By Becky De Oliveira

As a child, I was routinely taught that scientists were most just “guessing” about their theories. “They have to have faith just as much as we do,” teachers and other adults said. These adults made scientific-sounding arguments for a young earth, evolution being the primary scientific theory they were eager to debunk. When my children were in elementary school, they came home telling me they’d been informed that dinosaur bones had been placed in the earth by Satan himself, to trick us and cause us to lose our faith.

“Interesting,” I said. “That certainly is a theory.”

My oldest son has gone on to study environmental earth science at university—basically, geology. This sits uncomfortably with certain Adventist church members who raise their eyebrows and cluck about the “dangers” involved in studying earth science.

What are those dangers?

I suppose the primary danger is that increased knowledge would lead to a corresponding and highly correlated decrease in faith. That is possible. But as many a wise person before me has pointed out, faith that is untested is not faith at all. Faith based on ignorance is what, exactly?

Skepticism toward the scientific community has led to some foolish and destructive behavior by individuals and leaders, in this country and many others. How many out- breaks of measles have resulted from an insistence—against overwhelming consensus to the contrary from the medical community—that the MMR vaccine is responsible for autism? It is interesting that so many people are convinced of the likelihood that doctors, medical researchers, and other experts are conspiring to cause harm to millions of people (for profit perhaps)—but that the sources they trust that call these experts’ claims into question are blameless and trustworthy with no ulterior agendas whatsoever. Why would that be the case?

Sometimes it is easy enough to see why people reject evidence they don’t like. Certain discoveries may “touch on people’s lifestyle or world-views, or impinge on corporate interests” (Lewandowsky & Oberaur, 2016). Other times rejection of science appears to be an identity-based decision, a sort of tribal impulse. Perhaps alignment against a much-hated political party?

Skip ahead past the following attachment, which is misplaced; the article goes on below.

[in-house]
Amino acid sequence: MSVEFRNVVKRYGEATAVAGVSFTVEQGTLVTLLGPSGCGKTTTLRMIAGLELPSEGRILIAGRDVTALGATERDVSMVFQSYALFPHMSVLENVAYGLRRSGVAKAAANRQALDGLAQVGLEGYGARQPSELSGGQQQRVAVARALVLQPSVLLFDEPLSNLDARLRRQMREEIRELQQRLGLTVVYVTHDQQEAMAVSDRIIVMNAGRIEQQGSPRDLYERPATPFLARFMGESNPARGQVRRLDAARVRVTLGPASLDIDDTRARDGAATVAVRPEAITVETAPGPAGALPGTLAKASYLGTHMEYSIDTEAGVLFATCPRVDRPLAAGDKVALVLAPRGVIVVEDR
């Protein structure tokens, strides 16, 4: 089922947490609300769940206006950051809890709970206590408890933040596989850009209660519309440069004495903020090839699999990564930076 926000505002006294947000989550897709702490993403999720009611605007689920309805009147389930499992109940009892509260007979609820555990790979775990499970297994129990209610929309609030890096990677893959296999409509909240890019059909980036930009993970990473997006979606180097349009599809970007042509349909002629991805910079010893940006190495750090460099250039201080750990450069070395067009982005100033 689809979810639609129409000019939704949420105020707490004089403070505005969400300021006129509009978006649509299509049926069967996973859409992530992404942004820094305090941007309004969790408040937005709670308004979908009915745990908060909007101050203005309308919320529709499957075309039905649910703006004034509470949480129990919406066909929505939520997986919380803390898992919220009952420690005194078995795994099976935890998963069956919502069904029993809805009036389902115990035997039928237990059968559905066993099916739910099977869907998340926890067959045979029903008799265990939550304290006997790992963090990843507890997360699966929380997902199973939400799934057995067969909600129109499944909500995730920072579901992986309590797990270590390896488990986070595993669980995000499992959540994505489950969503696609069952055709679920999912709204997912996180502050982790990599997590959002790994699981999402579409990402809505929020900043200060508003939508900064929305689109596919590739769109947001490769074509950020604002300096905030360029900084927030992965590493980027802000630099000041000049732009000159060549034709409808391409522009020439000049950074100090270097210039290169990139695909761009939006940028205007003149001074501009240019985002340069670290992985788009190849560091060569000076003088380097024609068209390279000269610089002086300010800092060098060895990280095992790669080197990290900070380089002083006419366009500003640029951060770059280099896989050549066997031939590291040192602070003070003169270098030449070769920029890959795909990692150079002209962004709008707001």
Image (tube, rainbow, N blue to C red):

One interesting factor with climate change denial is its association with low tolerance for ambiguity (Jessani & Harris, 2018). The science surrounding climate change is complicated and messy and contains a high level of complexity. People with low tolerance for ambiguity like familiar explanations and black-and-white conclusions.

I am reminded of a person who wrote to me about a year ago complaining that I raise unsettling questions in my writing and, at that time, on the podcast I co-hosted. She did not want to think about hard or uncomfortable things. And fair enough. It’s a free world. But it’s also a complicated world and it won’t get any easier from our collective refusal to see problems. If we truly have faith, perhaps it’s time to stop being so afraid of what we may see if we look.

–Becky De Oliveira is a doctoral student in research methods at the University of Northern Colorado in Greeley and is a member of Boulder Adventist Church. Email her at: [email protected]


Jessani, Z., & Harris, P. B. (2018). Personality, politics, and denial: Tolerance of ambiguity, political orientation and disbelief in climate change. Personality and Individual Differences, 131, 121-123.  Lewandowsky, S., & Oberauer, K. (2016). Motivated rejection of science. Current Directions in Psychological Science, 25(4), 217–222.